By Kristian Fredrikson, Dephi and Jan Lindberg, Trust Ltd.
This time I want to introduce a fellow author from Sweden, Kristian Fredrikson, who promised to write about this interesting recent decision from the Supreme Court (Högsta domstolen 18 June 2015, case no B6341-13). It does not concern patents per se but an infringer’s liability for a third party’s infringement after an injunction has been decided, and it’s principle content should be directly applicable in similar situations where a patent have been infringed.
A Swedish furniture company (“the infringer”) sold chairs (“Stilo”) that were found by the courts to infringe the copyright pertaining to a well-known Swedish design chair held by another Swedish furniture company (“the rights holder”). Stilo was manufactured in Poland by a company (“the manufacturer”) which was partially owned by the father of the owner to the infringer. The sale of Stilo chairs rendered the infringer an injunction by the penalty of a fine of SEK 500 000.
A few days after the court decision, the rights holder ordered a Stilo chair from a furniture dealer. The chair was duly delivered by the manufacturer four weeks later. The court of first instance then found that the infringer had violated the injunction and ordered the payment of an adjusted fine of SEK 100 000. The appeals court found that the infringer had taken sufficient action to comply with the injunction and that the company was not liable for the actions of the manufacturer, and dismissed the claim for payment of the fine.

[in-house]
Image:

The Supreme Court concluded that an injunction may imply the liability for an infringer to try to prevent a third party from taking certain action. Failing to do so constitutes a breach of the injunction. An injunction may as a rule not imply liability for a third party’s actions, except in particular cases if the infringer and the third party have economic ties and the infringer have a practical and legal control of the third party, or possibly if they have the same owner.
The Supreme Court further concluded that in lack of such ties an infringer may be liable for a third party´s action also if the two have coordinated their actions to avoid the injunction. As it may be difficult to prove that such coordination has taken place, the Supreme Court then found that coordination could be presumed if the externally visible circumstances in the relation between the infringer and the third party strongly indicate coordination in respect of the injunction.
In the case, the rights holder was found by the Supreme Court to have proven that the circumstances were present, while the infringer had showed neither that sufficient action was taken by it nor that no coordination had taken place. The undue coordination presumption thus prevailed and the infringer was found to be liable for the manufacturer’s actions.
Consequently, as a rights owner you can go after undue coordination on the infringer’s side also when no legal connection can be proved, which seems reasonable. As an infringer, you must take reasonable and necessary action as fast as ever before to stop further infringement by yourself and third parties in a position to commit infringement. Such actions must be sufficient to extinguish any possible indications of cooperation in relation to the infringement. We are not aware of a case that would contain exactly the same facts from Finland but we presume the case has relevance also in this respect due to our joint legislative history.